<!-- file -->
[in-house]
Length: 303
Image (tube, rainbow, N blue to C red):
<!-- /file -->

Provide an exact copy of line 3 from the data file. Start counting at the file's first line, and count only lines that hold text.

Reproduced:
Image (tube, rainbow, N blue to C red):